This month's cover story in The Atlantic magazine, "Why the Future of Industry is in America," focuses on insourcing, as advanced manufacturing returns from Asia.
This perceived boom, according to the article, is symbolized by an $800 million investment that General Electric is making in bringing manufacturing back to Appliance Park in Louisville, Kentucky.
GE hasn't made a water heater in the U.S. in decades, but it is now producing the "GeoSpring" model in Louisville. Several factors have led the company to bring manufacturing back to the U.S. Among them are the high cost of fuel to transport goods from countries such as China, the natural gas boom in the U.S. that has lowered the cost of energy, and increasing labor costs in places such as China.
Here is an excerpt from the article:
To view The Atlantic magazine cover story on GE's insourcing strategy, click here.
This year, something curious and hopeful has begun to happen, something that cannot be explained merely by the ebbing of the Great Recession, and with it the cyclical return of recently laid-off workers. On February 10, Appliance Park opened an all-new assembly line in Building 2 — largely dormant for 14 years — to make cutting-edge, low-energy water heaters. It was the first new assembly line at Appliance Park in 55 years — and the water heaters it began making had previously been made for GE in a Chinese contract factory.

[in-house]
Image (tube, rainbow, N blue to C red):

On March 20, just 39 days later, Appliance Park opened a second new assembly line, this one in Building 5, to make new high-tech French-door refrigerators. The top-end model can sense the size of the container you place beneath its purified-water spigot, and shuts the spigot off automatically when the container is full. These refrigerators are the latest versions of a style that for years has been made in Mexico.
Another assembly line is under construction in Building 3, to make a new stainless-steel dishwasher starting in early 2013.